How can we graph resilience?

I’m interested in understanding resilience, which measures how biological systems can be stressed out of shape and then bounce back to their original form, or break and enter a new state.  Our first two papers on this subject looked infections in flies, mice and humans.

(http://dx.doi.org/10.1371/journal.pbio.1002436, http://dx.doi.org/10.1371/journal.pbio.1002435)

My idea was that we could make maps of the paths sick individuals trace as they move from health, through sickness and back to health through recovery.  My group found that sick individual trace loops through “disease space” and that sicker individuals take larger loops; for example if we look at how red blood cells and parasites change over the course of an malaria infection in mice the mice trace a path over time moving from the thin to the thick area of the curve.  First the parasites grow, without changing RBC number, then the RBCs crash while the mouse starts to clear the parasites and then the mouse starts to recover.  The colors show what is happening in each part of the graph.  The green part denotes “comfort”.  Blue denotes sickness and yellow recovery.  We are especially interested in the recovery part of disease space because that is what we want to happen when we get sick.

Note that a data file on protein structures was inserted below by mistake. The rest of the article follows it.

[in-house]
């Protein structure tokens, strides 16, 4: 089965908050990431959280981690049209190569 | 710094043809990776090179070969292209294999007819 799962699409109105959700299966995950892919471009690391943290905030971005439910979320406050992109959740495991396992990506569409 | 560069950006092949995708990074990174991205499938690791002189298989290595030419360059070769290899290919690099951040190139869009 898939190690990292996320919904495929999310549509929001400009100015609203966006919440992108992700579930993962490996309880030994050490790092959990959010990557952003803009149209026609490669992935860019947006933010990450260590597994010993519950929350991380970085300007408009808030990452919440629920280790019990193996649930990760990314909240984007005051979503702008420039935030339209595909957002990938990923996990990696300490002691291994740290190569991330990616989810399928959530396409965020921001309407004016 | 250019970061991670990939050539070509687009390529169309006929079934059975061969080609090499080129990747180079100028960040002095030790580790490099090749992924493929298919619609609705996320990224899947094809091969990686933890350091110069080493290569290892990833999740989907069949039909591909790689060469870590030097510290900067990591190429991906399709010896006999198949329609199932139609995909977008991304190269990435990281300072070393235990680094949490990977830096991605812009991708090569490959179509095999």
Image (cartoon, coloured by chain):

RBC by parasites

To figure out how whether sick individuals were deviating from the safe path of resilience, we used a trick suggested to us by our co-author Ann Tate; instead of plotting the graph on Cartesian coordinates, we transformed the data to polar coordinates.  What this means is that instead of giving each point an (x,y) position, we defined the point by an angle and a radius.  The advantage of this is that the non-resilient mice had statistically different radii, which made them easy to identify using relatively small amounts of data.

I am satisfied, for now, with the way I can display these data in print.  I think there are better ways to do show of the data when I’m are standing in front of my poster at a meeting or when a stranger in the airplane seat next to us asks me what I do.  Instead of waving my hands in the air or drawing on a napkin, I plan to come prepared with props that I will describe in the next few posts.

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